The question is raised from the famous movie Love Letter (ラブレター), where Hiroko cried to her dead boyfriend Itsuki and said 「お元気ですか?あたしは元気です。」.

But I'm taught that the「です」's after sentences and 「お」's before nouns are all markers of honorific speech and therefore are usually used to the seniors etc. So my question is: can such sentences like 「お元気ですか?あたしは元気です。」 be used between lovers and why?

  • 2
    It is mostly about the difference between registers in writing letters and in talking to each other. Assuming one is mature enough, using です・ます in letters to anyone is simply normal.
    – sundowner
    Dec 23, 2022 at 9:22
  • 1
    I would also just note that there is a difference between "honorific" speech and "polite" speech. です/〜ます/etc are not actually honorific, they are merely polite speech. The お prefix is technically an honorific prefix, but it is what I tend to call "functional honorific", because nowadays it is usually used with most common expressions (such as お元気) more to (respectfully) indicate who you are talking about (i.e. your health vs their health) rather than to express any particular level of honor/relationship/etc.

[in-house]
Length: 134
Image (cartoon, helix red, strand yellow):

– Foogod
    Dec 23, 2022 at 19:28

1 Answer 1


お元気ですか? あたしは元気です

This is a typical opening expression of a letter to your family member, something said right after お母さんへ ("Dear Mom") or such. Most Japanese elementary schoolers have written something like this as homework. So just by looking at this, a native speaker can tell she is "reading a virtual letter" to her boyfriend.

Sentences you use in letters are more formal and polite than usual, and it is not unnatural at all to use です and other polite expressions, even if the letter is to your mother or your lover.

  • That's surprising! As a non-native speaker, I can hardly realize that this is a expression in letter and this is "reading a virtual letter". And very much thanks! Your answer helps me a lot, in terms of either Japanese learning or movie understanding.
    – C.K.
    Dec 24, 2022 at 13:27

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